Hytera Files Motion to Dismiss Theft of Trade Secrets Case
Thursday, June 01, 2017 | Comments

Hytera Communications filed a motion May 31 to dismiss a theft of trade secrets case brought against it by Motorola Solutions in the U.S. District Court for the Northern District of Illinois. The motion cites the timeline before Motorola Solutions filed its case and says the information from the U.S.-based manufacturer is vague and ambiguous.

A few days earlier, Hytera denied the allegations levied against it in its first response to a patent infringement complaint Motorola Solutions filed against it with the U.S. International Trade Commission (ITC).

All told, Motorola has filed four legal cases against Hytera this year. In addition to the ITC and trade theft secrets cases, the company filed a patent infringement case in the U.S. District Court for the Northern District of Illinois and a patent infringement complaint in the Regional Court of Dusseldorf in Germany.

A stay was placed on the patent infringement case in Illinois pending the outcome of the ITC investigation.

In the motion to dismiss the theft of trade secrets case, Hytera’s attorneys argued that the case should be dismissed for several reasons including:
• The theft of trade secrets that Motorola alleged in its complaint occurred more than five years ago, meaning that under the Federal Defense of Trade Secrets Act and the Illinois Trade Secret Act, the statute of limitations has passed on those actions. The motion argued that there was enough publicly available information for Motorola to notice the alleged acts and bring legal action several years ago and argued that Motorola did not explain why it decided to file the lawsuit now.
• Motorola’s complaint is vague and ambiguous, making it difficult for Hytera to prepare a proper response. Specifically, the motion argues that the Motorola complaint does not adequately, by legal standards, identify the trade secrets at issue in the case and that the few features highlighted as potential trade secrets in the complaint were described in publicly available documents.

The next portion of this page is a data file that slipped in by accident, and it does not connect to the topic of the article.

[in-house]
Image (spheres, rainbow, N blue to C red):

In a follow-up filing to the motion, Hytera’s attorneys said they planned to appear before Judge Samuel Der-Yeghiayan June 7 to present the motion to dismiss.

In its response to the ITC case, Hytera also cited vague and ambiguous information that made it difficult to respond to the complaint.

“The complaint and supporting documentation lack clarity and are insufficient to demonstrate that any of Hytera’s products infringe any claim of the asserted patents,” the company’s filing said. “Because discovery has only recently started, Hytera provides this response without the benefit of complete discovery, including contention discovery, necessary to fully understand the nature and scope of Motorola’s allegations.”

In its original complaint, Motorola asked the ITC to investigate its infringement claims, release an exclusion order to halt the importation of the infringing products, and release a cease-and-desist order to stop Hytera from marketing and selling the infringing products in the U.S.

In its response, Hytera denied Motorola’s specific patent infringement allegations and offered several defenses against the claims. Hytera said the patents cited in the case are invalid because they do not meet the “conditions of patentability” established in Title 35 of the United States Code, but the filing did not expand on how those patents do not meet those standards.

The company also argued that the relief Motorola requested from the court is not in the public interest because it “would adversely affect the public welfare, competitive conditions and the United States consumer.”

Hytera’s final arguments in the response focused on consent and licenses around the Digital Mobile Radio (DMR) standard.

“Complainants’ claims for relief are barred in whole or in part pursuant to actual licenses or under the doctrine of implied license,” the response said. “For example, to the extent any of the asserted patents is essential to practice ETSI Digital Mobile Radio (DMR) standards, including ETSI TS 102 361-1 and ETSI TS 102 361-2, Hytera has a license, express or implied, from Motorola for such patent.”

Additionally, Hytera argued that Motorola participated in the development of the DMR standard but did not disclose any of its patents as essential intellectual property rights (IPRs) during the development of the standard.

The European Telecommunications Standards Institute’s (ETSI) IPR policy describes an essential IPR as “an IPR, which has been included within a standard and where it would be impossible to implement the standard without making use of this IPR.” In these instances, the only way to avoid violating the IPR is to request a license from the owner, according to the ETSI policy.

Hytera asked the ITC to deny Motorola’s requests, find that Hytera did not infringe any of the patents and terminate the investigation, among other requests.

The ITC began its investigation at the end of April. In mid-May, Administrative Law Judge Mary Joan McNamara set an 18-month target of Nov. 6, 2018, for concluding Motorola’s complaint.

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